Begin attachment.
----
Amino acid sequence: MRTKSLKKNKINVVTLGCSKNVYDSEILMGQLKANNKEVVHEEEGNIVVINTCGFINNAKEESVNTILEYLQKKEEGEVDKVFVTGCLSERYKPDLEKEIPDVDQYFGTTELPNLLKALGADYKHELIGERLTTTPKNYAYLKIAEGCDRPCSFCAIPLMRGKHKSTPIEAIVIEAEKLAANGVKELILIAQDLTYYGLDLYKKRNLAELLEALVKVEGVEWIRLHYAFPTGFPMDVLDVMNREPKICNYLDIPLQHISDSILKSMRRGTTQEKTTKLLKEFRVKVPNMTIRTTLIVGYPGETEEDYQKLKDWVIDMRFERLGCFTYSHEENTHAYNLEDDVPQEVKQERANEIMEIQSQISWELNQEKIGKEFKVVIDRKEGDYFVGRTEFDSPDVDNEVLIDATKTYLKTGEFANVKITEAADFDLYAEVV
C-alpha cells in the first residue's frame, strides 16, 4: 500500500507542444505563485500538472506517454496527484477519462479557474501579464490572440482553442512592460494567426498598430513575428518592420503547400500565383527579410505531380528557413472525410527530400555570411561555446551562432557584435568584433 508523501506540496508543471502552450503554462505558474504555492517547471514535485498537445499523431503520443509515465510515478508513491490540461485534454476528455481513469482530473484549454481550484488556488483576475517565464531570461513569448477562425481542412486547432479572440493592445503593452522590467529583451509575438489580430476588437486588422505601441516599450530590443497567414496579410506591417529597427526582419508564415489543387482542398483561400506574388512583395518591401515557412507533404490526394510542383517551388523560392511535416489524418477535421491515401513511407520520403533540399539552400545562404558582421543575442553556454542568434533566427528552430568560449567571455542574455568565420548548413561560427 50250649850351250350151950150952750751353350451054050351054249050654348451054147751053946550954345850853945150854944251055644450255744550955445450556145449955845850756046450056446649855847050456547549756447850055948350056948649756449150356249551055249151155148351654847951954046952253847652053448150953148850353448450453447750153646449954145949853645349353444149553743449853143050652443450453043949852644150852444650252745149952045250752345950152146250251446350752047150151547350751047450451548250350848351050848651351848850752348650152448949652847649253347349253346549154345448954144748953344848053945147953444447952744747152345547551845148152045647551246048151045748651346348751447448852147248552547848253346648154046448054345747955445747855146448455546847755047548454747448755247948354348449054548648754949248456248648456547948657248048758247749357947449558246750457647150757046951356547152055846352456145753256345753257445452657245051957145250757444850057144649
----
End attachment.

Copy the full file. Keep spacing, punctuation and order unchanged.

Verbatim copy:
Amino acid sequence: MRTKSLKKNKINVVTLGCSKNVYDSEILMGQLKANNKEVVHEEEGNIVVINTCGFINNAKEESVNTILEYLQKKEEGEVDKVFVTGCLSERYKPDLEKEIPDVDQYFGTTELPNLLKALGADYKHELIGERLTTTPKNYAYLKIAEGCDRPCSFCAIPLMRGKHKSTPIEAIVIEAEKLAANGVKELILIAQDLTYYGLDLYKKRNLAELLEALVKVEGVEWIRLHYAFPTGFPMDVLDVMNREPKICNYLDIPLQHISDSILKSMRRGTTQEKTTKLLKEFRVKVPNMTIRTTLIVGYPGETEEDYQKLKDWVIDMRFERLGCFTYSHEENTHAYNLEDDVPQEVKQERANEIMEIQSQISWELNQEKIGKEFKVVIDRKEGDYFVGRTEFDSPDVDNEVLIDATKTYLKTGEFANVKITEAADFDLYAEVV
C-alpha cells in the first residue's frame, strides 16, 4: 500500500507542444505563485500538472506517454496527484477519462479557474501579464490572440482553442512592460494567426498598430513575428518592420503547400500565383527579410505531380528557413472525410527530400555570411561555446551562432557584435568584433 508523501506540496508543471502552450503554462505558474504555492517547471514535485498537445499523431503520443509515465510515478508513491490540461485534454476528455481513469482530473484549454481550484488556488483576475517565464531570461513569448477562425481542412486547432479572440493592445503593452522590467529583451509575438489580430476588437486588422505601441516599450530590443497567414496579410506591417529597427526582419508564415489543387482542398483561400506574388512583395518591401515557412507533404490526394510542383517551388523560392511535416489524418477535421491515401513511407520520403533540399539552400545562404558582421543575442553556454542568434533566427528552430568560449567571455542574455568565420548548413561560427 50250649850351250350151950150952750751353350451054050351054249050654348451054147751053946550954345850853945150854944251055644450255744550955445450556145449955845850756046450056446649855847050456547549756447850055948350056948649756449150356249551055249151155148351654847951954046952253847652053448150953148850353448450453447750153646449954145949853645349353444149553743449853143050652443450453043949852644150852444650252745149952045250752345950152146250251446350752047150151547350751047450451548250350848351050848651351848850752348650152448949652847649253347349253346549154345448954144748953344848053945147953444447952744747152345547551845148152045647551246048151045748651346348751447448852147248552547848253346648154046448054345747955445747855146448455546847755047548454747448755247948354348449054548648754949248456248648456547948657248048758247749357947449558246750457647150757046951356547152055846352456145753256345753257445452657245051957145250757444850057144649